Since this is the Son of God, the Lord of Love, who is speaking, we must take His words deeply to heart. He was never afraid to call a spade, a spade, or to denounce those who were hindering people from entering His Father’s Kingdom. When He looks around the world today, what does He see? What does He say about those who are putting their own interests, even national ones, ahead of His own?
In what ways am I a hypocrite Lord?
Before pointing at others, however, it is vital that we reflect on how easily we can play the Pharisee ourselves – for example, when we vent unholy and unloving anger against other Christians who believe or practise their faith in different ways to ourselves. Let’s not underestimate the grief this causes the Lord Jesus, but rather ask ourselves essential questions: ‘Lord, am I sitting in ungodly judgement on anyone? Am I offending You by offending against Your little ones, Your poor ones, Your wounded ones? Are there areas of my life in which I myself am hypocritical, Lord?’
Sometimes, we will find ourselves being tested to the hilt when we come up against people who are forever setting us the equivalent of chess conundrums. We may well experience righteous anger then over the mess and tangles we see them snaring and embroiling people in. Discovering how to respond to such barbed manipulation is a major topic in its own right. We learn, often by painful trial and experiment, trying first this approach and then trying another – and above all by asking the Lord to show us how He would have us respond. Increasingly we become familiar with patterns for control and manipulation operate, and learn to adapt and adjust our response accordingly.
So far from being driven to impulsive overreaction by His own needs and hurts, or allowing Himself to become distracted by the many people of ill will He came up against, Jesus’ own responses are a true reflection of His Father’s heart, revealing both a profound trust in his Father’s justice and ability, and an unshakable concern to pursue the work of the Kingdom Himself.
Have you known times when you have experienced real and forceful godly anger, fuelled by powerful compassion? Has it stirred you into prayer and action? Although our response will vary according to makeup and callings, it is good to know that it is safe to feel such emotions!
Jesus is the same yesterday, today and forever. (Heb. 13:8) If He was stirred and angry at the damage done by leprosy, or by the death of His friend Lazarus and the abuse of children, we can be sure He is deeply grieved by the oppression of people in countries such as Zimbabwe, Venezuela, Myanmar and in so many other places too.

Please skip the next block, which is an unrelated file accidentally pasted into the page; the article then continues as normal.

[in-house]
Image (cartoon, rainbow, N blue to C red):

He who is Truth as well as Justice hates a lying tongue. (Prov. 6:16-17) Sadly, our post truth generation has only too many of them. He is indignant when He sees rulers deliberately twisting truth for their own political purposes and economic gain.
We are accustomed to the stream of propaganda that Russian government sources pour forth in their multi-faceted attempts to destabilise the West. It comes as no surprise to find Russia staunchly defending the present President of Venezuela; it must be equally as outrageous to Jesus to see misinformation and disinformation being wielded as a weapon right at the heart of the White House.
Lord, we welcome You and Your Word into the depths of our being, allowing Your perspectives to shape our response into a more perfect reflection of Jesus’ own. May we move beyond the purely human anger, for that can never bring about Your fullest purposes (James 1:19-21), and experience more of Your righteous indignation against all that opposes the work of Your Kingdom – as well as more compassion for those traumatised by events beyond their control or suffering under the yoke of tyrannical demands and regimes.
 https://biblehub.com/greek/1690.htm The NLT actually says that He was ‘angry’. The KJV and the ISV both prefer ‘groaning deeply’.
 Steve Walton points out in Guidelines December 2018 BRF notes: “It was common in the Greek and Roman worlds for unwanted babies (especially girls) to be ‘exposed’ – left on the street to die unless someone picked them up.” Children are so often the first to suffer when human life is devalued. Perhaps some of the children brought to Jesus were ‘nobody’s children’ – street urchins?